Ed: Well, and our boys too. Now for me, I've been cutting my own hair for 12 years because I don't have a whole lot left to cut. That's the reality. Things that we took for granted, it's now a luxury. Everyone's working from home. You and I are lucky; we're the only ones here in the building. Your office is at one end, I'm at the other. The rest of our team’s working from home just like everyone else. Then you have a big part of the population that's furloughed, unfortunately. Then even worse, millions and millions of people that are already unemployed. There's over a million people just in Ohio. A lot of people just didn't have the savings built up to handle a huge economic impact like this because no one knew what to expect. [00:10:00]
The third thing is oil. What does that have to do with fanning the flames of the market volatility? Supply and demand. The supply is up because the demand is low. On top of that, OPEC. What is OPEC designed to do? They go into a war with Russia over oil. OPEC has done this to us twice before, back in the early 2000s and once before that, in which they turned on the spigot and flooded the market with oil. They did this right in the middle of the freefall of our market, right in March. It wasn't by accident, it wasn't by happenstance. They did it on purpose. See, America's been energy independent for the last couple of years. This is OPEC's way as to drive American companies out of business and so we have to become energy independent on them and drive the prices back up. We talk about this all the time. It makes me angry. I don't know about you guys, but yeah, it's… Right?
Now, the last thing, the fourth thing is the political discourse. These elections are in full swing. I'm not just talking about the presidency. I'm talking about Congress, the House and the Senate and the gubernatorial races. There's a lot of discourse out there and you hear me-
LeAnne: It’s just ugly. It doesn't really matter which side you're on. It's just ugly both sides and it leaves a lot of unknowns.
Ed: It really does. I've been saying this for a while, the last couple of years. Look, we're Americans first. Forget about the political affiliation especially now. We're Americans first and we need to come together as a country. The good news is it looks like it's already starting to happen, but there's still a lot of extreme volatility because of all the unknown. [00:12:00] We need to make sure individually that we're all making better decisions by taking all that emotion out of the process.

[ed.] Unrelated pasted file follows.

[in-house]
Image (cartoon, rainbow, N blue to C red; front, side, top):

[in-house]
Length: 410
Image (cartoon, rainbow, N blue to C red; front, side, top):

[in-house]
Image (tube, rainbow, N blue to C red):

LeAnne: That is all great information, but let's provide some takeaways to help people make the decisions that they need to make right now.
Ed: Yeah. To help get rid of the emotion when you're making decisions, you’ve got to have a plan. For us, when we're helping people, we break it down. Our philosophy is really simple. It's “safety, income and growth.”
Ed: All right. We had to take a brief intermission there because of a client. Let's go back to that last question and we'll start over and then we'll edit that last part out.
LeAnne: It's all great information, but let's give a couple of takeaways that can help people make better decisions.
Ed: Yeah, absolutely. A big part of what we do as far as helping people is helping them understand it's all about a plan. For us, we always start off with our philosophy of safety, income and growth, which is really the basis for all the plans that we do when we help people. It should be generally for everyone out there but everyone's situation is a little bit different, so let's just talk about it in general terms.
Especially now, the two things that folks really need to pay attention to and focus on is market volatility and understanding the risk that they want versus the risk that they actually have or the risk that their investments tell them that they have. The first question that you should ask yourself, because when we're helping people this is the very first question that we ask is, how much money are you willing to lose? LeAnne, you can see me holding up a zero. [00:14:00] I know no one else can. No one wants to lose any money, right?
LeAnne: Which makes sense.
Ed: Yeah, especially now. We ask that question all the time. Most of the people that were helping, it’s 5%, maybe 10%, maximum 15%. There's a huge difference. I would say 90% to 95% of the people that were helping have a significantly higher risk. It looks closer to something like the market or the S&P. It's really important for people to understand how much money they're willing to lose. Not that everyone's going to high-five anyone, but if you're losing 5% or 10% or whatever that amount is, how much can you lose and still sleep at night, and lose and still be able to maintain the lifestyle that you're used to living? Versus what your investments say that you could lose in a downturn or a bear market or a financial crisis. Most times they're at opposite ends of the spectrum, and so helping people understand that and coming together. That's probably the first thing that you want to ask yourself. Again, how much risk do you want versus what your investments tell you you actually have?